Somewhere between Michigan and West Virginia, when I was nearly eleven and my brother was almost nine, we moved into a small brick house near a huge cornfield. The first day there, my brother Bob and I went exploring. As we carefully trod (like Indians) along the road’s shoulder, we reached a spot where that cornfield began. A cloud of birds flew raucously up into the sky, terrified of human beings.
“Witch!” Bob shouted. “Let’s get kids to pay five cents to see the witch.”
“You mean I lead the way and—“
“Just as we reach this Exact spot” Bob put his tennis shoe on the place we’d stepped when the quail flew up, “I whisper, ‘go witch go’ and you–”
“I’ll raise up my arms and yell, ‘Fly, birds, fly!”
Bob and I were on the same wavelength.
“Here, let’s build a cairn so you know when you’ve reached the place.”
Dad had taught us about cairns for marking our way in forests, in case we got lost. A cairn every fifty steps would show the way back to our car or tent.
We gathered little rocks and piled them up as a marker.
The next day in school, my brother, like the reincarnation of P.T. Barnum, hustled up some customers during recess. He pocketed a bunch of milk money, promising a Real Witch Show after school let out.
I kept away from the group. Not just because I didn’t trust people, but the witch had to stay secret until the last minute.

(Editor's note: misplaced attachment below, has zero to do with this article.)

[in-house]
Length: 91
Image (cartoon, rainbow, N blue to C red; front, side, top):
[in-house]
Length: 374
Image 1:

At last, the final bell rang. Children ran out of the building, screaming as if to escape Godzilla.
My brother assembled the curious group near the flagpole. He led them toward our house, a few blocks away, chanting “A witch you will see! Her power is to make wild birds flee!”
I’d run home on fast feet. Waited in the ditch near our house. I smeared mud on my face and wove weeds into my always-tangled hair. When I heard my brother approaching, his voice low so as not to frighten the quail prematurely, I stood up as tall as I could. I made my hands into claws and, eyes wide, teeth bared, hissed:
“Who goes there?”
Bob whispered, “Witch, may we pass?”
I crooked a finger and said quietly, “Follow me.”
The kids bunched up together, holding hands, uncertain what might happen.
I crouched into a witchy creep and stepped forward carefully, kids following, Bob at the back, face in a serious scowl. I turned toward the group and hissed,
“Fly birds, Fly!” Then stomped a foot right next to the pile of rocks.
Thunderclap of wings and hundreds of quail rushed into the blue sky.
Terrified kids screamed “Mommy!” and ran toward their safe homes.
Bob divvied up the money, both of us laughing our heads off.
We indeed were the inheritors of our ancestors’ genes, people who’d been gaoled on the Isle of Wight for “thievery, sedition against the King and the practicing of witch-craft.”